Campus News

UGA activates local branch of national computer network

Earlier this month UGA announced the activation of a local branch of the Southern Light Rail, a high-speed fiber-optic link that connects the university to other research universities in Georgia and across the United States.

SLR provides high-speed communications directly with Georgia State University and the Georgia Institute of Technology, which houses the Atlanta node of the National LambdaRail, a nationwide fiber-optic network dedicated to research.

“High-performance computing and high-speed network infrastructure will soon be required to win highly competitive research grants in almost any discipline,” says Gordhan L. Patel, vice president for research and associate provost. “The new network brings UGA’s research information technology infrastructure up to par with some of the leading research ­universities.”

Lambda rails can carry data at a rate of 40 gigabits per second, and they represent the next generation of network technology for collaborative research among major universities, research centers and industry nationwide.

“These networks are dedicated to research so they are not competing with commodity Internet traffic for bandwidth,” says Barbara White, chief information officer and associate provost. “The administration has really supported UGA’s efforts in research computing, and the result is that we have multiplied our network and computing capacity in support of our researchers very effectively in a relatively short time.”

UGA computer specialists have begun orienting faculty on the high-performance research network for such applications as remote control of expensive instruments; pervasive environmental sensing networks; massive simulations in physics, chemistry, biology and environmental sciences; and sharing of huge biological databases.

The network will provide UGA scientists with access to supercomputers like the one being built at Oak Ridge National Laboratories and will reduce the time and cost of conducting experiments. For example, linking to instruments at Argonne National Laboratory will enable UGA X‑ray crystallographer Bi‑Cheng Wang and his research team to remotely control experiments located at Argonne. Wang conducts high-resolution structural analysis of protein molecules. His findings contribute to a better understanding of biological processes that may lead to new drug designs. Presently, a two-day experiment costs Wang’s lab thousands of dollars and requires as many as seven workers; with the new technology, he could run the same experiment with only one or two workers at much less expense.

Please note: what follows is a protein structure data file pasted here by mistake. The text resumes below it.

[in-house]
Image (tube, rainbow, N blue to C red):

Until recently, UGA computing resources operated at a maximum rate of 100 megabits per second. With the activation of this link, that rate will expand immediately by a factor of 100, with capacity to spare for further upgrades.

The UGA network connection is backed up by recently acquired supercomputers, a high-­performance storage network and a grid computing network through the Research Computing Center. Grid technology harvests underutilized resources within a network by breaking a large computational problem into small chunks, which are sent to computers that may be sitting in offices and laboratories in an idle state. Those computers work on their part of the problem and send the result back to a central computer, which re-assembles the results.

Cable installation for SLR was funded through grants from the Georgia Research Alliance and the UGA Research Foundation, which has invested approximately $5 million in UGA’s research computing infrastructure in less than two years.

The Office of Information Technology at the University System of Georgia helped coordinate the cable installation from Athens to Atlanta.

A suite of secure research network services will be available to researchers in the public and private sectors on a fee-for-­service basis. Plans are under way to connect Georgia’s six research universities to SLR and to provide access to schools and research centers in Alabama, Kentucky, South Carolina and Tennessee.